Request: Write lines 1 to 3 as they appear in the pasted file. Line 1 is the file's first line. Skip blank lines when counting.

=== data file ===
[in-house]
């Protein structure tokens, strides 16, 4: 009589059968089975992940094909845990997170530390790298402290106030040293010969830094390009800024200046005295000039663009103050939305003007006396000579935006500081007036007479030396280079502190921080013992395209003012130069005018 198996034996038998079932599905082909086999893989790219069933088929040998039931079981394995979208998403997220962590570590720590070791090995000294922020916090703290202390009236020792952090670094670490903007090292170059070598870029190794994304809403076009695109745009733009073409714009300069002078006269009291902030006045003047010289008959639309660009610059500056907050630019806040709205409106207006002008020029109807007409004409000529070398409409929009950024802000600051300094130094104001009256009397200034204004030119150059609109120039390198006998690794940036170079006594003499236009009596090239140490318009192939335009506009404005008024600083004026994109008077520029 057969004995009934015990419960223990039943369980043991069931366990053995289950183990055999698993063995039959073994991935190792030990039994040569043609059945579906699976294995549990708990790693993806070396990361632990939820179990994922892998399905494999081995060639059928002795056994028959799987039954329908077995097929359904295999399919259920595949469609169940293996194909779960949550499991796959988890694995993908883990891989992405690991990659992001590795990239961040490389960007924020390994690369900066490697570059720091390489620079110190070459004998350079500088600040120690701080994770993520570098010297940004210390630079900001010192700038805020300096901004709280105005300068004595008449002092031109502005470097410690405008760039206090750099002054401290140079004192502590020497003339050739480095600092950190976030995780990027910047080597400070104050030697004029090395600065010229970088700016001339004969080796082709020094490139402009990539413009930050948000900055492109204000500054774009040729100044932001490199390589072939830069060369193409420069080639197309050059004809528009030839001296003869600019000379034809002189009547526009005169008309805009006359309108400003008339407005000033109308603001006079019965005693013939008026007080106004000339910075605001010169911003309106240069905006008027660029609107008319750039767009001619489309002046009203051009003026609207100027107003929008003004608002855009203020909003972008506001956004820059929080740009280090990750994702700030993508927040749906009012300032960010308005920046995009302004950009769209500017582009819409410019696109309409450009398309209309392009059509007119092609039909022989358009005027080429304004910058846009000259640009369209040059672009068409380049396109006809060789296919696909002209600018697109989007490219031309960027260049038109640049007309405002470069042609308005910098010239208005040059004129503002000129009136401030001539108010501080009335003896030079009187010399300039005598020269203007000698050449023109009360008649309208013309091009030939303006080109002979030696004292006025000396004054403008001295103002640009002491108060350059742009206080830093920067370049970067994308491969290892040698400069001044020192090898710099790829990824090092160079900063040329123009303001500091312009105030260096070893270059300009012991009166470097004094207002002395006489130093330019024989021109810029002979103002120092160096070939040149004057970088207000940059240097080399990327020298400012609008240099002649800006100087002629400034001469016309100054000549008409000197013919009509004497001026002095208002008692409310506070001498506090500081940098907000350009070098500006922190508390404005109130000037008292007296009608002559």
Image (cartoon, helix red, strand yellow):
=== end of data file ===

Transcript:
[in-house]
């Protein structure tokens, strides 16, 4: 009589059968089975992940094909845990997170530390790298402290106030040293010969830094390009800024200046005295000039663009103050939305003007006396000579935006500081007036007479030396280079502190921080013992395209003012130069005018 198996034996038998079932599905082909086999893989790219069933088929040998039931079981394995979208998403997220962590570590720590070791090995000294922020916090703290202390009236020792952090670094670490903007090292170059070598870029190794994304809403076009695109745009733009073409714009300069002078006269009291902030006045003047010289008959639309660009610059500056907050630019806040709205409106207006002008020029109807007409004409000529070398409409929009950024802000600051300094130094104001009256009397200034204004030119150059609109120039390198006998690794940036170079006594003499236009009596090239140490318009192939335009506009404005008024600083004026994109008077520029 057969004995009934015990419960223990039943369980043991069931366990053995289950183990055999698993063995039959073994991935190792030990039994040569043609059945579906699976294995549990708990790693993806070396990361632990939820179990994922892998399905494999081995060639059928002795056994028959799987039954329908077995097929359904295999399919259920595949469609169940293996194909779960949550499991796959988890694995993908883990891989992405690991990659992001590795990239961040490389960007924020390994690369900066490697570059720091390489620079110190070459004998350079500088600040120690701080994770993520570098010297940004210390630079900001010192700038805020300096901004709280105005300068004595008449002092031109502005470097410690405008760039206090750099002054401290140079004192502590020497003339050739480095600092950190976030995780990027910047080597400070104050030697004029090395600065010229970088700016001339004969080796082709020094490139402009990539413009930050948000900055492109204000500054774009040729100044932001490199390589072939830069060369193409420069080639197309050059004809528009030839001296003869600019000379034809002189009547526009005169008309805009006359309108400003008339407005000033109308603001006079019965005693013939008026007080106004000339910075605001010169911003309106240069905006008027660029609107008319750039767009001619489309002046009203051009003026609207100027107003929008003004608002855009203020909003972008506001956004820059929080740009280090990750994702700030993508927040749906009012300032960010308005920046995009302004950009769209500017582009819409410019696109309409450009398309209309392009059509007119092609039909022989358009005027080429304004910058846009000259640009369209040059672009068409380049396109006809060789296919696909002209600018697109989007490219031309960027260049038109640049007309405002470069042609308005910098010239208005040059004129503002000129009136401030001539108010501080009335003896030079009187010399300039005598020269203007000698050449023109009360008649309208013309091009030939303006080109002979030696004292006025000396004054403008001295103002640009002491108060350059742009206080830093920067370049970067994308491969290892040698400069001044020192090898710099790829990824090092160079900063040329123009303001500091312009105030260096070893270059300009012991009166470097004094207002002395006489130093330019024989021109810029002979103002120092160096070939040149004057970088207000940059240097080399990327020298400012609008240099002649800006100087002629400034001469016309100054000549008409000197013919009509004497001026002095208002008692409310506070001498506090500081940098907000350009070098500006922190508390404005109130000037008292007296009608002559």
Image (cartoon, helix red, strand yellow):